Red Giant, 528 N.W.2d at 533 (citations omitted).

            This issue was also examined in Gainsco Insurance Co. v. Amoco Production Co., 53 P.3d 1051 (Wyo. 2002), wherein the plaintiff sued the defendant in order to obtain indemnification for a payment made by the plaintiff to settle a prior case. (See footnote 9) The defendant's insurer denied coverage, but provided a defense under a reservation of rights. After the insurer rejected an offer by the plaintiff to settle the case, the defendant agreed to stipulate judgment for an amount that was greater than the policy limits in exchange for a covenant not to execute. The defendant also assigned the plaintiff its bad faith claims against the insurer. The plaintiff thereafter filed an action against the insurer. The trial court granted summary judgment to the plaintiff, and the insurer appealed. The Wyoming Supreme Court reversed and ordered that summary judgment be granted to the insurer. The Wyoming Court
did so because it found that the claim against the defendant was within the policy limits. Therefore, the defendant breached its duty to the insurer by agreeing to a judgment that was in excess of the amount the plaintiff could actually receive. Even though the Wyoming Court reversed the lower court's ruling, it rejected the insurer's argument that the covenant not to execute extinguished any claim the insured may have had:

                      We agree with [those courts] that find that the inclusion of a covenant not to execute in the settlement agreement between an insured and a claimant, under the circumstances of the case now before us, does not act to negate the fact that a judgment has been entered against the insured and, therefore, does not bar the claimant, as assignee of the insured, from pursuing a claim against the insurer for third-party bad faith. The existence of the judgment, with or without a covenant not to execute, is a detriment to the insured sufficient to support an assignable tort claim. Public policy favors this result in that it allows an insured to reach a reasonable settlement of a case being defended under a reservation of rights and it discourages an insurer from rejecting a reasonable settlement offer. The insurer is adequately protected by the requirement that such settlements be reasonable and by its ability to raise the issues of fraud and collusion.
Gainsco
, 53 P.3d at 1061.

            Finally, in Ayers v. C & D General Contractors, 269 F. Supp. 2d 911 (W.D. Ky. 2003), the plaintiff filed a wrongful death claim against the defendant. The insurer denied coverage. While the case was pending, the defendant and plaintiff entered into an agreement stipulating judgment in exchange for a covenant not to execute against the defendant and an assignment of the defendant's bad faith claim against the insurer. The plaintiff thereafter filed a motion with the court to enter the stipulated judgment. The insurer filed a motion opposing entry of the stipulated judgment. The district court, in a published opinion, denied the motion to enter the stipulated judgment until a hearing was held to determine the reasonableness of the judgment. The court reasoned as follows:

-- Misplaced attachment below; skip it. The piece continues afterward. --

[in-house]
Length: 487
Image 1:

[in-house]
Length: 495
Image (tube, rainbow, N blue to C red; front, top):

Although courts agree that consent judgments coupled with covenants not to execute are enforceable, they have taken diverse approaches to determining reasonableness or collusion. Essentially, the issue is who should bear the primary burden of proof.

                      Under one approach which is advanced now by Plaintiff, the Ninth Circuit held that courts need not look behind consent judgments to determine if they are reasonable. . . .

                      Under the second approach, courts hold that an insured only has the initial burden of producing evidence that the settlement is prima facie reasonable in amount and untainted by bad faith. Once the insured satisfies this burden, the burden shifts to the insurer to show, by a preponderance of the evidence, that it is not liable because the settlement is neither reasonable nor reached in good faith.

                      Last, under a third approach, courts require that the Plaintiff has the burden of showing by a preponderance of the evidence that the judgment amount was reasonable and prudent. Based on this standard, if a plaintiff fails to come forward with sufficient evidence, the consent judgment is presumptively invalid.